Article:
In some versions of the story, the robots are imagined to be microscopic, forming a “gray goo” that eats the Earth; or else the internet itself comes alive and rallies all the net- connected machines into an army to control the affairs of the planet. Humans might then enjoy immortality within virtual reality, because the global brain would be so huge that it would be absolutely easy—a no-brainer, if you will—for it to host all our consciousnesses for eternity.

The coming Singularity is a popular belief in the society of technologists. Singularity books are as common in a computer science department as Rapture images are in an evangelical bookstore.

(Just in case you are not familiar with the Rapture, it is a colorful belief in American evangelical culture about the Christian apocalypse. When I was growing up in rural New Mexico, Rapture paintings would often be found in places like gas stations or hardware stores. They would usually include cars crashing into each other because the virtuous drivers had suddenly disappeared, having been called to heaven just before the onset of hell on Earth. The immensely popular Left Behind novels also describe this scenario.)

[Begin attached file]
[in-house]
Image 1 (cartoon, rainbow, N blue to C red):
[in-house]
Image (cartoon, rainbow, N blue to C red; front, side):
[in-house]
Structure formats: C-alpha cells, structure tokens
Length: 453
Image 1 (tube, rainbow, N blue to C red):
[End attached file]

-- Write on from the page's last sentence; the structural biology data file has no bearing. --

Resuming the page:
There might be some truth to the ideas associated with the Singularity at the very largest scale of reality. It might be true that on some vast cosmic basis, higher and higher forms of consciousness inevitably arise, until the whole universe becomes a brain, or something along those lines. Even at much smaller scales of millions or even thousands of years, it is more exciting to imagine humanity evolving into a more wonderful state than we can presently articulate. The only alternatives would be extinction or stodgy stasis, which would be a little disappointing and sad, so let us hope for transcendence of the human condition, as we now
understand it.